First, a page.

Private Practice After Military Service
Does the military prepare a lawyer to go into private practice? The short answer is no. Most first tour judge advocates fall into one of three categories: prosecution, defense, or basic consumer law. In these positions, the new attorney will get an introduction to basic trial work and speaking with clients, but little thereafter. But it isn’t the practice in the military that is the problem, it is the level of experience in the upper ranks that stifles the practice of law.
1. Military Service Did Not Prepare You for the Private Practice of Law.
Law is truly learned through practice. Experience is gained through repetitions, debriefs, and correction. This is no different than any other profession, like medicine. The problem with military practice is that the officers in the upper ranks, major and above, those with 8 plus years of experience, have not developed their legal skills equivalent with their peers in private practice. This means that the legal mentors have little more legal experience than the individuals they are mentoring. Legal acumen is stagnant. The military has attempted to make this up with education, in the forms of advanced degrees. While this helps, military practitioners still need the repetitions and mentorship, after the advanced degree to gain experience. Without the necessary mentorship with practitioners with real world experience, no real development can occur, and creates the separation with those in private practice.
Not all is loss of course, but it does mean that a military practitioner who stays in the service for more than one tour will be behind their peers if she decides to get out and go into private practice. If you do decide to get out after more than one tour here are some strategies to “make up” the time.
2. Decide What You Want to Do.
Just like any goal setting, you must decide what area of law to practice: it is a must. Many people I speak with blast their resumes to law firms. The “shotgun” effect is not helpful. It is better to start networking in the legal practice area of your choice. This could lead to a mentorship that is so desperately needed to increase your legal skills.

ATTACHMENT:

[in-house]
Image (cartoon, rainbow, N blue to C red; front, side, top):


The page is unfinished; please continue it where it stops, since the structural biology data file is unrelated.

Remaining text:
3. Find a Mentor or Someone Who Will Train You.
Networking will lead to meeting someone who might be interested in mentoring you or teaching you their practice area. When I decided to start in private practice, I wanted to learn family law. Through networking I met a family law practitioner who needed help with his enormous case load. This led to me working for him on a contract basis while learning the practice area. It was a perfect situation for both of us.
4. Build Referrals.
After the mentorship ended, it was time to start on my own. Since I had already handled cases in the practice area and represented clients, this directly led to creating a referral base. Use the clients who you represented to send you clients, thus building a book of business. This is the process that every lawyer goes through. Learn it because it is the lifeline of your business.
5. Create Website – Skip SEO.
Creating a website is a requirement for every attorney. If you decided to start a solo practice, it is an absolute necessity, because it creates legitimacy and will be used to develop new business. Many SEO companies will offer you the world if you sign a contract: this is a mistake. According to Forbes , “If you can’t budget for 6 to 12 months of SEO, you might be better off putting that budget somewhere else.” I couldn’t agree more. SEO firms want to sell you a bright shinny object but remember, as a solo practitioner, you don’t want an object, you want clients. No SEO firm will guarantee clients. Without clients, your business will not survive and parking cars is in your future. Just create the website and use it as a referral tool, something that you can point potential clients to in order to show what you do.
6. Clients Want Competence and Fight.
In private practice, clients want competence and want you to fight for their cause. The mentorship will help with the competence and your military service gave you fight. Once you get over the experience gap, the skills you learned from military service will start to be of great benefit. Drive, a never-quit attitude, long work-hours, and tenacity are what will separate you from the rest.
Written by Brad Miller, Esq., Partner Fowler St. Clair in Mesa, Arizona.
He serves in the U.S. Marine Corps (res.) as a Judge Advocate, and in private practice, he focuses on criminal defense and family law. He can be reached at email@example.com.